NEW YORK (Reuters) - New U.S. claims for unemployment benefits unexpectedly rose last week, bouncing back above the key 400,000 level, a government report showed on Thursday.
U.S. core producer prices rose slightly faster than expected in March and the increase from a year ago was the largest since August 2009, pointing to a broadening in pipeline inflation pressures.
BRIAN LAZORISHAK, PORTFOLIO MANAGER AT CHASE INVESTMENT COUNSEL IN CHARLOTTESVILLE, VIRGINIA
"Claims were certainly higher than what people were looking for. We've been trending under 400,000 lately, so this seems like a negative. But at the same time, I'd view it as one data point, and a data point that is volatile from week to week. However, one of the positives we've had in the past year is continued, albeit slow, improvement in the jobs picture, so any setback there will be discouraging.
"The initial focus today will be more on earnings and the worldwide growth and inflation issues, but this number could add some negative bias and create additional selling pressure."
VIMOMBI NSHOM, ECONOMIST, IFR ECONOMICS, A UNIT OF THOMSON REUTERS:
"The number of people initially filing for unemployment benefits rose to 412,000 in the week ending April 9 -- reflecting an increase of 27k from the week prior.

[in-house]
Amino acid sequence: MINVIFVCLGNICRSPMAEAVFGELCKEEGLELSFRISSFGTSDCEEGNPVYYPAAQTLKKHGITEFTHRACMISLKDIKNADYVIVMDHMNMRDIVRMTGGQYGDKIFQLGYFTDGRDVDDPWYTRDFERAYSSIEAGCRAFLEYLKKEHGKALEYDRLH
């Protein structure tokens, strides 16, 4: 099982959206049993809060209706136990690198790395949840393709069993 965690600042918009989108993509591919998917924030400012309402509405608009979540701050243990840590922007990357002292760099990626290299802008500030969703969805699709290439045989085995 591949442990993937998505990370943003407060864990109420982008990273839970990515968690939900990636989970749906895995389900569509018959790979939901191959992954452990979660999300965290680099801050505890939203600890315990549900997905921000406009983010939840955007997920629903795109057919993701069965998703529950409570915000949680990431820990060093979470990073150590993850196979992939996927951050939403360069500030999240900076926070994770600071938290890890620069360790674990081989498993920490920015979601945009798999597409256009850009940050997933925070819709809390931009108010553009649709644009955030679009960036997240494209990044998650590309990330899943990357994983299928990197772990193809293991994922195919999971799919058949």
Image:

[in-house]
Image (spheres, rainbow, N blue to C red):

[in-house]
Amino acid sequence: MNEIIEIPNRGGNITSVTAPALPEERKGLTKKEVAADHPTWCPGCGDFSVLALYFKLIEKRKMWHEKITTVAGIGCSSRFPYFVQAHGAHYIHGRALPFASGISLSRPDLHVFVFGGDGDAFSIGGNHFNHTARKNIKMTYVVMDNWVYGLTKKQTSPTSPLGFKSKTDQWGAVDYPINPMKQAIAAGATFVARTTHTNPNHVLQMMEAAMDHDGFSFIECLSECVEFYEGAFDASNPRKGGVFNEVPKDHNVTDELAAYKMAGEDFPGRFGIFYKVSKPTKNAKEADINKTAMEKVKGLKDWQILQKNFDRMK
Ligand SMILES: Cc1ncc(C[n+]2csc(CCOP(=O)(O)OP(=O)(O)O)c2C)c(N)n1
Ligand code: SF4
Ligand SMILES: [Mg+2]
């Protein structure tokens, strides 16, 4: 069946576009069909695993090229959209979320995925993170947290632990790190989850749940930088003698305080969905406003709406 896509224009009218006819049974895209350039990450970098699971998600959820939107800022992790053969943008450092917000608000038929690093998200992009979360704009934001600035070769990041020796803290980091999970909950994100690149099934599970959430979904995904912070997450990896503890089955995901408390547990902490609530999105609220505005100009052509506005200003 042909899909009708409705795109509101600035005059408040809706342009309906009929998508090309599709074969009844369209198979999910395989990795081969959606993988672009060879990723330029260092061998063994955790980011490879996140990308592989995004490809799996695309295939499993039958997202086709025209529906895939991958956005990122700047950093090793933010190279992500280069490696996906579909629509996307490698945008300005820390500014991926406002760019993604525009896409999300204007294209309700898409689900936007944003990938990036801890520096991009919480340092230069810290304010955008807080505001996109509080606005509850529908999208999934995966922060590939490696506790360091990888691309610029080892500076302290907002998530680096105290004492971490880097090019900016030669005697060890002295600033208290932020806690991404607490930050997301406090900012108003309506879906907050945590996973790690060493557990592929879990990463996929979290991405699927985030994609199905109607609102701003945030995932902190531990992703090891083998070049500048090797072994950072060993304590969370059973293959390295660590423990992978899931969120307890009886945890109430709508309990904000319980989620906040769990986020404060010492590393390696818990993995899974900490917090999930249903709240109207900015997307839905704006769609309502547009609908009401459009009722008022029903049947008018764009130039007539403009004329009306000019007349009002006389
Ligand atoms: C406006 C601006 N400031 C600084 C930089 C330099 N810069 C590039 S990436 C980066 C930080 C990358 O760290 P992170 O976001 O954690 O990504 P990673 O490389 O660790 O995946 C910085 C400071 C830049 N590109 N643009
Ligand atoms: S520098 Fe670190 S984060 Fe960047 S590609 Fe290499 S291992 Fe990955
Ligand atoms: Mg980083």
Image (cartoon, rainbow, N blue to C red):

"Now resembling a level closer to the beginning of the year when seasonal volatility impaired readings (January had an average of 427k, today's number is not what the market was expecting and sure to initiate a witch hunt for the culprit --likely commentary surrounding higher energy prices forcing businesses toward layoffs.
"A more subtle explanation is the fact seasonals (expecting a 17 percent rise and ended up with 25 percent) underestimated the effect of adjusting to a new quarter which affects filing behavior. For starters, claimants will delay filing in hopes of receiving better benefits referencing a more recent, higher paycheck -- in accordance with local guidelines.
"Today's report, encompassing the first full week of April, is more associated with this behavior than commodity prices."
STOCKS: U.S. stock index futures add to losses.
BONDS: U.S. bond prices extend gains.
FOREX: The dollar extends losses versus the yen.